DC Comics graphic novels on Kindle Fire!
DC Comics's deal to distribute graphic novels and collections on the Amazon Kindle Fire is a step in the right direction. This will become more attractive if DC goes day-and-date on their trades, too -- there might be collections I'd buy digital for cheaper, but not if I can buy the physical book sooner. Also I'd like to see the publishers adopt a universal digital format that's not beholden to one app or device, but I know that's a long ways off.

Dan DiDio to DC's Crisis: Not in my 52!
Tempest in a teapot the other day when Dan DiDio announced DC's various Crisis events were no longer in continuity. I'm not sure I thought they were still in continuity anyway. After Crisis on Infinite Earths, the Silver Age "Crisis on Earth-One" wasn't still in continuity, and even Crisis's status was fuzzy in the modern age until Infinite Crisis brought it back. Not too big a deal, I think, but I'd as soon see DC break new ground from here than use this as an excuse to produce a new updated version of Crisis.

Beware who the Huntress's related to!
What suckers we are, how excited I was to learn that Paul Levitz's new Huntress miniseries will have ties to the new Justice Society title. The problem is, DC needs to forge ahead, and re-using character aspects like Huntress's connection to the Justice Society is backward-looking (not to mention, if the Huntress of "our" Earth is connected to the Justice Society of the new Earth-2, that's more evidence that DC might unfortunately be planning to re-tell Crisis on Infinite Earth, yet more backward-looking material). And yet, my interest in the Huntress miniseries grew exponentially when I learned about this ...

Teen Titans by Geoff Johns Omnibus no more!
Our friends at ComicList broke the news that DC cancelled orders for the Teen Titans Omnibus by Geoff Johns hardcover volume (see one of my own favorite posts, "Have a Geoff Johns Omnibus, why don't you?"), stating, "This material will be resolicited at a later date in a different format." My initial guess was that we'd see this in a more sedate paperback format, perhaps because DC realized a $75 collection of a series of already-collected books now completely out of continuity might not be a bestseller.

However, word just a few hours ago from Dan DiDio that this will be "rescheduled and beefed up. Want to make the omnibus feel like an omnibus." Originally the volume was to contain twelve to fifteen Teen Titans issues, plus the four issue Beast Boy miniseries and a couple of backup stories. If the new book will be more "beefed up" than twenty-or-so issues, that'll be a sight to behold, indeed.

Review: Doom Patrol: Brotherhood trade paperback (DC Comics)

Thursday, October 06, 2011

News broke as I began writing this that Keith Giffen would be taking over the new DC Comics Relaunch Superman title with issue #7.While  I have concerns about the implications of the change, the fact that Giffen will write one of DC's flagship titles leaves me overall enthused. Though Giffen has worked for DC since the 1970s, his writing remains modern and fresh (unlike some of his contemporaries). This is apparent as recently as the latest collection of his Doom Patrol series, Brotherhood, lamentably also the final collection. Brotherhood is nothing short of brilliant, a perfect sequel to Doom Patrol: We Who are About to Die, and it makes it all the worse that DC cancelled the third collection, Doom Patrol: Fire Away, due to low pre-orders numbers.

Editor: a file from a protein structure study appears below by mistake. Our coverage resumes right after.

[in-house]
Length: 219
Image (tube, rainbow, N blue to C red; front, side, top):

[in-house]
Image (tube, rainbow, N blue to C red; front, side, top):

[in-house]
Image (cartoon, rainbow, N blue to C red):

[Contains spoilers]

Doom Patrol: We Who are About to Die overlaid the classic team with a death wish; when a new member died in the first chapter, Robotman Cliff Steele, Elasti-Woman Rita Farr, and Negative Man Larry Trainor each regretted it wasn't them. Giffen's Doom Patrol "chief" Niles Caulder, via Giffen's creative re-translation, now employs the Patrol precisely for their self-loathing; if they don't care about themselves, he reasons, they're more likely to face danger unabashed. The end of the book took the members to their lowest points -- Cliff came face-to-face with the Black Lantern-reanimated corpse of his original body, confronted with the fact he's no longer the man he was; Rita unwillingly had her mind controlled again by ex-husband Steve "Mento" Dayton; and the reader learned that Negative Man was no longer the human Larry, but solely the Negative Man entity itself.

Review: Green Lantern: Emerald Warriors hardcover/paperback (DC Comics)

Monday, October 03, 2011

I've decided at this point I'd read Peter Tomasi's comic book adaptation of the phone book, if he wrote it. Green Lantern: Emerald Warriors is another winner from Tomasi after a string of such on Green Lantern Corps. With the years-long run-up to Blackest Night behind him, Tomasi is able to focus more on the characters in Warriors, teaming up a number of fan-favorites. Emerald Warriors itself is a strange series, almost not a series -- the whats and whys, however, matter far less given the strength of Tomasi's story.

[Contains spoilers]

Emerald Warriors collects the first seven issues of the self-same series; three more issues will appear in the War of the Green Lanterns collection, and then the final three in the Aftermath collection. That makes this volume the first and only singular collection of the Emerald Warriors series, with Peter Tomasi returning to Green Lantern Corps after the DC Comics relaunch. As such, it makes it hard to call Emerald Warriors a series at all, but more like a miniseries that DC Comics didn't want to call a mini so as not to tip off the forthcoming relaunch (not unlike, to an extent, the also-thirteen-issue Flash, the Fastest Man Alive).